Further, the family court has jurisdiction to make orders in respect of income. An award structured around loss of future earnings rather than on-going medical needs, for example, may be far more likely to be open to attack.

Tactics to minimise the risk of personal injury damages from being exposed

There are strategies which can be employed by practitioners to minimise the risk of personal injury damages from being put at risk.

Consideration can be given to the structure of awards, particularly if a settlement is being agreed and there is perhaps more flexibility. While of course you would generally want to maximise the award being received, taking account of the wider circumstances, including any relationships or future relationships, could help structure the award in such a way that it is less matrimonial in nature and therefore less open to sharing.

Consider how the award will be used, for example the purchase of a new property post-separation might be more easy to ringfence than a property which was historically the matrimonial home.

A party should avoid mingling any assets they wish to remain non-matrimonial with assets that might be considered matrimonial if they wish to protect these in the event of a future separation. Other assets they might invest in could be purchased in that party’s sole name and any income produced by that asset ought to be treated carefully.

Personal injury trusts and other wealth planning tools that private client lawyers can assist in setting up are also useful.

Trusts add a level of complexity and, arguably, a clearer distinction that those assets have been considered by the couple as the non-matrimonial property of one of the parties. This can help to discourage the court and the other party in the event of a separation from pursuing a case on the basis that the court should interfere with this.

Arguably, the best form of protection on divorce, particularly when coupled with the use of the other strategies noted, is the use of nuptial or marital agreements. These can be entered into either prior to or post marriage.

Clearly, the requirement that a party should have a full appreciation of its implications is relevant to the issue of capacity which would need to be carefully considered. The threshold for capacity to enter into a marriage is very different for the threshold for making financial decisions and that to enter into a nuptial agreement, it is much lower. It is, therefore, often the case that clients can make the decision to get married but not have the capacity to enter into a nuptial agreement to protect themselves financially as to the legal consequences of that marriage.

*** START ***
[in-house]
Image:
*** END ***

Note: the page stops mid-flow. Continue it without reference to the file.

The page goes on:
Unmarried parties ought to consider declarations of trust in respect of any jointly owned property, clearly recording the terms on which property is held, particularly if one party is going to make substantial investment in the property and wishes to see that contribution reflected in their entitlement to equity.

For jointly or solely owned property, a cohabitation agreement should be considered to record the parties’ intentions. This can go beyond a simple declaration of trust and deal with a variety of issues in much the same way as a nuptial agreement, protecting solely owned property from claim, recording the interests in jointly owned property, dealing with other assets and the regulating what should happen to occupation of a property in the event a relationship breaks down.

Working collaboratively with family, private client and court of protection specialists will be the best way of ensuring that a vital personal injury award is protected from the risk of a future divorce or separation

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Adam Maguire


Adam specialises in divorce and family law. He advises clients regarding all aspects of private family law including cohabitation, separation, divorce and related financial issues, disputes concerning children and nuptial agreements.